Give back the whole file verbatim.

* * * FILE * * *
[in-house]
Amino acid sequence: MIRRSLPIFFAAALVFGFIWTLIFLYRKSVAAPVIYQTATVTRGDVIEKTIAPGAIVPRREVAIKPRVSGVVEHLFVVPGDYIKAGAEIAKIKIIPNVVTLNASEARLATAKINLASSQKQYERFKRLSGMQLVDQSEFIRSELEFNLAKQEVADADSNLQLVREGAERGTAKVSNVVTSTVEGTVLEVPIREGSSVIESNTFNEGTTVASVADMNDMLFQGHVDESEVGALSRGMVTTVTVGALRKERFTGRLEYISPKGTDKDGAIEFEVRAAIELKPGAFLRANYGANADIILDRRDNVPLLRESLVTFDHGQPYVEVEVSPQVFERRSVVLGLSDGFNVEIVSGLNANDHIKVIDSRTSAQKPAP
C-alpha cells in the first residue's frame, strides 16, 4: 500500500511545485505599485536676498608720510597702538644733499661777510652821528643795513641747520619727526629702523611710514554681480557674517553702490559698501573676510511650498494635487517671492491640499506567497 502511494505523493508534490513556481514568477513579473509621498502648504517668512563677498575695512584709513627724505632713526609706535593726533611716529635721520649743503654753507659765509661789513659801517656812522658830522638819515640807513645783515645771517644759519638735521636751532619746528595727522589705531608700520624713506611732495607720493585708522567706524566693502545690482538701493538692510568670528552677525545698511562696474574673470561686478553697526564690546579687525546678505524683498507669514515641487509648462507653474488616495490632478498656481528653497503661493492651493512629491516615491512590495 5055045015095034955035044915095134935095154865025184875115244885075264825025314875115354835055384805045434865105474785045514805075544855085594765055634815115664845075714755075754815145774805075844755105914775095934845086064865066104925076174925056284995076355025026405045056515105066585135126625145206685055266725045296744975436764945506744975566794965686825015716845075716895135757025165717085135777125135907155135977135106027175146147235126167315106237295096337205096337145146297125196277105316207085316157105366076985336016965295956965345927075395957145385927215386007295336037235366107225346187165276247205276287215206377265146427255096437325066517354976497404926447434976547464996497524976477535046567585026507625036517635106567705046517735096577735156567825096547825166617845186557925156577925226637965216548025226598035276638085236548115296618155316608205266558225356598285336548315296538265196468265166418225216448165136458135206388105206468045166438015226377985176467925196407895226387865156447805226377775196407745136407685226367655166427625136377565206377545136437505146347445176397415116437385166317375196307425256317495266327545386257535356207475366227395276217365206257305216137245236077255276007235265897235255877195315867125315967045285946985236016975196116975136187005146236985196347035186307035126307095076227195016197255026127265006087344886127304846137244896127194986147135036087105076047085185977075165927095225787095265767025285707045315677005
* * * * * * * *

[in-house]
Amino acid sequence: MIRRSLPIFFAAALVFGFIWTLIFLYRKSVAAPVIYQTATVTRGDVIEKTIAPGAIVPRREVAIKPRVSGVVEHLFVVPGDYIKAGAEIAKIKIIPNVVTLNASEARLATAKINLASSQKQYERFKRLSGMQLVDQSEFIRSELEFNLAKQEVADADSNLQLVREGAERGTAKVSNVVTSTVEGTVLEVPIREGSSVIESNTFNEGTTVASVADMNDMLFQGHVDESEVGALSRGMVTTVTVGALRKERFTGRLEYISPKGTDKDGAIEFEVRAAIELKPGAFLRANYGANADIILDRRDNVPLLRESLVTFDHGQPYVEVEVSPQVFERRSVVLGLSDGFNVEIVSGLNANDHIKVIDSRTSAQKPAP
C-alpha cells in the first residue's frame, strides 16, 4: 500500500511545485505599485536676498608720510597702538644733499661777510652821528643795513641747520619727526629702523611710514554681480557674517553702490559698501573676510511650498494635487517671492491640499506567497 502511494505523493508534490513556481514568477513579473509621498502648504517668512563677498575695512584709513627724505632713526609706535593726533611716529635721520649743503654753507659765509661789513659801517656812522658830522638819515640807513645783515645771517644759519638735521636751532619746528595727522589705531608700520624713506611732495607720493585708522567706524566693502545690482538701493538692510568670528552677525545698511562696474574673470561686478553697526564690546579687525546678505524683498507669514515641487509648462507653474488616495490632478498656481528653497503661493492651493512629491516615491512590495 5055045015095034955035044915095134935095154865025184875115244885075264825025314875115354835055384805045434865105474785045514805075544855085594765055634815115664845075714755075754815145774805075844755105914775095934845086064865066104925076174925056284995076355025026405045056515105066585135126625145206685055266725045296744975436764945506744975566794965686825015716845075716895135757025165717085135777125135907155135977135106027175146147235126167315106237295096337205096337145146297125196277105316207085316157105366076985336016965295956965345927075395957145385927215386007295336037235366107225346187165276247205276287215206377265146427255096437325066517354976497404926447434976547464996497524976477535046567585026507625036517635106567705046517735096577735156567825096547825166617845186557925156577925226637965216548025226598035276638085236548115296618155316608205266558225356598285336548315296538265196468265166418225216448165136458135206388105206468045166438015226377985176467925196407895226387865156447805226377775196407745136407685226367655166427625136377565206377545136437505146347445176397415116437385166317375196307425256317495266327545386257535356207475366227395276217365206257305216137245236077255276007235265897235255877195315867125315967045285946985236016975196116975136187005146236985196347035186307035126307095076227195016197255026127265006087344886127304846137244896127194986147135036087105076047085185977075165927095225787095265767025285707045315677005